Last week I began a series on attachment that I thought I would continue every Tuesday. At least for awhile.
Sometimes I will feature an article, sometimes provide a tip, and at times I will just share my experiences and thoughts.
Just a quick tip.
In last week's post, I made the analogy of the parent being like a tree, with the roots being the underlying love the parent has for the child, and the leaves representing the parent's emotions:
The leaves are emotions, and they change as the weather and the seasons change: sometimes happy, sometimes sad, or angry, or frustrated. Regardless of the leaves, though, the tree remains stable, and firmly rooted to the ground. Children with RAD have difficulty with this concept, and will mistake the parent's current emotion for his underlying feelings towards him. In other words, if the parent is angry, the child feels that the parent does not love him.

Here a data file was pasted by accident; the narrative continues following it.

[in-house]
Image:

Because of this, I feel it is important to let your RADish know that even while you are feeling angry towards him or her, there is still love.
What works for me and my son (with RAD) is that while I am angry with him, and talking with a raised voice or more intense tone, I will hold my hand up in the sign for "I love you". In this way, he is getting the message that I love him even though my face and voice and words are telling him I am angry. He has had a lot of difficulty knowing that both can occur simultaneously, and this is a very visual reminder for him.
Don't forget, I am now posting daily on my blog Life on the Funny Farm. Come on over!
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